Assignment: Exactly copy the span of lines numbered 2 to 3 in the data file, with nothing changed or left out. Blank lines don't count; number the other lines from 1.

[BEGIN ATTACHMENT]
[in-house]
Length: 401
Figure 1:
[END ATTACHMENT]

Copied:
Length: 401
Figure 1: